by James Hardin, College of Education As someone who teaches others how to appropriately enhance instructional practices through the integration of technology, I am constantly on the lookout for tech-related experiences that will help improve my craft. When asked if I was interested in joining a group of fellow educators from UA in attending the
by Nathan Loewen, Department of Religious Studies On April 18, 1831, the faculty of four men at The University of Alabama opened its doors to fifty-two male students. The campus eventually looked something like this: The photo exhibits what some call the built environment of the original UA campus. Scholarly research on the built environment focuses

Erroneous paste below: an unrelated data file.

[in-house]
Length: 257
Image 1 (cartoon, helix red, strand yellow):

by Nathan Loewen, Department of Religious Studies I think educators have responsibilities to equip their students for the real world (rather than so-called “jobs of the future”). One of the most real aspects of our students’ worlds is their data streams. Since I began teaching in 2005, I have never presumed students would avoid going
Digital fluency is a 2018 buzzword among those who likely also said words like disruption, MOOC, future, digital natives, etc. etc. You know. The “glaze or blaze” words of higher education. Thanks to a workshop with Lee Skallerup-Bessette, I learned to rethink “digital fluency” with the familiar metaphor of the tributary.